The Cardinal of Westwood
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Defense Appropriations Subcommittee Chair Lewis confers with
Secretary of Defense Donald Rumsfeld.
1999, Lewis has chaired the Defense Appropriations Subcommittee,
managing the largest part of the nation's discretionary budget each
year. "I never in my life expected to be in this position,"
he says. "This is such a significant time in military history;
we have really turned the armed forces around in recent years."
the outset of his chairmanship, Lewis attracted national attention
when his subcommittee voted unanimously to cut $1.8 billion from
funding to build the first of six of the Air Force's prized F-22
stealth fighters. After a fierce battle, some of the funding was
restored, and Lewis says the fight actually helped to improve communication
between Congress and the Pentagon.
have played a small role in insisting that our defense work take
place in a nonpartisan environment," says Lewis. "Our
approach led to conflict and some tough discussions, and it has
let the military know we are asking some serious questions."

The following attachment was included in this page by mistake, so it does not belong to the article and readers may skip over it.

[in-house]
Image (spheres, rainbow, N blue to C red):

chair, Lewis was able to increase the annual appropriation for defense
for the first time in more than a decade and has overseen annual
increases for the past three years. But he is quick to downplay
his accomplishments and his position of power in Washington. "After
a great week in Washington, I go home to California and I walk across
my pool," he jokes. "I still fall in every time."
Bourn '96, who as a student interned in Lewis' Washington office
and has for the past three years been a legislative assistant and
systems manager, says, "It is no stretch to use the word 'family'
when you talk about this staff." He notes that while turnover
is high in other Capitol Hill offices, many on Lewis' staff have
been with him for 10 to 20 years.
of the congressman's big sayings is, 'It's amazing what you can
accomplish when you don't worry about who is getting the credit,'"
says Bourn. "That really says it all about how he works."